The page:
Monday, 12 October 2009

“What happened to global warming?”

“What happened to global warming?” asks … guess who … the BBC.

 What happened to global warming?.
    “This headline may come as a bit of a surprise [says the BBC’s climate correspondent Paul Hudson], so too might that fact that the warmest year recorded globally was not in 2008 or 2007, but in 1998.
    “But it is true. For the last 11 years we have not observed any increase in global temperatures.
    “And our climate models did not forecast it, even though man-made carbon dioxide, the gas thought to be responsible for warming our planet, has continued to rise.

Bet you never thought you’d hear any of those those words from the Bolshevik Broadcasting Corporation. [Hat tip Climate Debate Daily]  Is this the start of a media tipping point?

11 comments:

  1. I hope this is the start of the 'tide turning' and the media starting to realise what a confidence trick they swallowed.

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  2. BBS: "He (Piers Corbin) is so excited by what he has discovered that he plans to tell the international scientific community at a conference in London at the end of the month."
    Is it his conference?
    WeatherAction Special Conference Oct 28th London
    Crank it up guys!

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  3. @Monsieur: Sure, Corbyn is a certified nut. But the BBC's chief climate reporter is now reporting this nut instead of just the nuts they normally report.

    And they're reporting the other news that they haven't before: the news that Rimu rubbishes.

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  4. @Rimu: I see you're still using your risibly out-dated Green Party talking points.

    Three years on from Coby Beck's last-ditch stand, it's now apparent that the trend identified by Professor Bob Carter is the one you need to take seriously. Just like the BBC's reporter is.

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  5. @ Peter
    I imagine it fits the BBCs policy of fair and balanced reporting. Like the Evolution/Creationist debate, give both sides of the story. (Cranks vs Scientists).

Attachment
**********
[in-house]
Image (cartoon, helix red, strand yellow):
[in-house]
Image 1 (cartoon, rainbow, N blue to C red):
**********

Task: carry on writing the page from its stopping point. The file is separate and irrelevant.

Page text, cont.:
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  6. Somebody please send this to Nick Smith and John Key.

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  7. @Monsieur:
    Well, it has taken the BBC thirty years to practice such "fair and balanced reporting" . . .

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  8. @ Peter
    I'm glad you're a fan.

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  9. So, supposing there were a gradual trend in the climate...

    Given that there are ocean cycles and all that other stuff...

    Over what period would you expect to see that trend?

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  10. "Given that there are ocean cycles and all that other stuff...
    Over what period would you expect to see that trend?"


    There is no such thing as a single trend, starting with the big bang and ending with the second coming.

    All we have is a multitude of cycles.
    These cycles could range from days to thousands of years long, therefore there is no way to prove that we are not seeing some natural 100 year cycle.

    I'm no scientist but i think that if you wanted to prove a multi-century cycle, 50 years worth of satelite pictures are just not going to cut it.

    Luckily for us, the "climate scientists" has a handy stand in for proof: belief. I mean falsifiability is so 20th century.

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